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. 2012;12:48.
doi: 10.1673/031.012.4801.

Natural History of the Neotropical Arboreal Ant, Odontomachus Hastatus: Nest Sites, Foraging Schedule, and Diet

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Natural History of the Neotropical Arboreal Ant, Odontomachus Hastatus: Nest Sites, Foraging Schedule, and Diet

Rafael X Camargo et al. J Insect Sci. .
Free PMC article

Abstract

The ecology of most arboreal ants remains poorly documented because of the difficulty in accessing ant nests and foragers in the forest canopy. This study documents the nesting and foraging ecology of a large (∼13 mm total length) arboreal trap-jaw ant, Odontomachus hastatus (Fabricius) (Hymenoptera: Formicidae) in a sandy plain forest on Cardoso Island, off the coast of Southeast Brazil. The results showed that O. hastatus nested in root clusters of epiphytic bromeliads, most commonly Vriesea procera (70% of nest plants). Mature O. hastatus colonies include one to several queens and about 500 workers. Foraging by O. hastatus is primarily nocturnal year-round, with increased foraging activity during the wet/warm season. The foragers hunt singly in the trees, preying on a variety of canopy-dwelling arthropods, with flies, moths, ants, and spiders accounting for > 60% of the prey captured. Although predators often have impacts on prey populations, the ecological importance of O. hastatus remains to be studied.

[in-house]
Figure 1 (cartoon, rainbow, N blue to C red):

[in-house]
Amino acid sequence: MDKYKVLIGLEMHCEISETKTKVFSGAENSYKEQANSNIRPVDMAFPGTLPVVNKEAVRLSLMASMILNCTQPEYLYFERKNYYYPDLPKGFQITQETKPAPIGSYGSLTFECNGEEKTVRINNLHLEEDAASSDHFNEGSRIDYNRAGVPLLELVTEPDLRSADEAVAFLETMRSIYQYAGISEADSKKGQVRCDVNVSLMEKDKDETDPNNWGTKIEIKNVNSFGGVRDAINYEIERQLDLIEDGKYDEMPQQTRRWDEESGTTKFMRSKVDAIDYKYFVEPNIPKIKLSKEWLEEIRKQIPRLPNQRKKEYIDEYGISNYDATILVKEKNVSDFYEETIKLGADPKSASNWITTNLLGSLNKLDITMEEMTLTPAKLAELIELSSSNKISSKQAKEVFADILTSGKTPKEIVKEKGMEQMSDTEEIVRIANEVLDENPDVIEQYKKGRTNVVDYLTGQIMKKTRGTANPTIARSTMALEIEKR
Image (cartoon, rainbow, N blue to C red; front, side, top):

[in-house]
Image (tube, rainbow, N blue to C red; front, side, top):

Figures

Figure 1.
Figure 1.
(A) General view of two clumped epiphytic bromeliads (Vriesia) in the sandy forest of Cardoso Island, southeast Brazil; Odontomachus hastatus uses the epiphytes' root mass as nesting site for the colony. (B) Returning forager of Odontomachus hastatus with a recently—captured termite in the mandibles. Photographs courtesy of Pedro Rodrigues. High quality figures are available online.
Figure 2.
Figure 2.
Foraging activity of Odontomachus hastatus colonies in the dry/cold (August) and wet/warm season (February), on Cardoso Island, southeast Brazil. Ant activity and air temperature were evaluated at two—hour intervals. The arrows indicate sunrise (white) and sunset (grey). High quality figures are available online.
Figure 3.
Figure 3.
(A) Frequency distribution of different types of prey captured by Odontomachus hastatus foragers, and (B) of their dry weights, in the sandy forest of Cardoso Island, southeast Brazil. Data are based on collections from returning ants of two focal colonies, during the peak of their foraging activity (17:30 to 23:00). High quality figures are available online.

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